Article / 18th Oct 2017

Channels 2: October

It's been a little while since I've written a blog post about Channels - this is partially because I've been taking some time off for the conflux of conferences, work and light medical issues that have cropped up, but things have been slowly rattling away in the background and I'm now back working at a decent pace on the changes.

A lot of this has been figuring out where to take Channels 2, and struggling with my own personal hangups - specifically, being divided between wanting to make the upgrade as backwards-compatible and painless as possible but also feeling like I want to fix some major design issues in the process.

A big part of this has been Python 3 and native async syntax, as well - for a long time, I wanted to support Python 2, but as time as moved on and Django moves away from supporting it entirely in Django 2.0, and Twisted's asyncio support is mostly mature, it's time to drop that handle as well.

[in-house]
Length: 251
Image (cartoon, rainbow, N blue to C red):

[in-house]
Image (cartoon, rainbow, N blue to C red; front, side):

The result is a Channels that is really quite substantially different in terms of underlying architecture and design, but which ends up with a very similar interface to the end developer. Let's take a look at some of those changes.

Running code in-process

Perhaps the biggest change of all is that Channels 2 runs your handling code in process with the HTTP (or other) server, rather than having separate worker processes and dishing it out over the network. While there are definite advantages to the network-worker model, it makes a lot of things harder and bugs more subtle, and generally isn't the right match for a project where we don't have a lot of resources to do bulletproof network testing.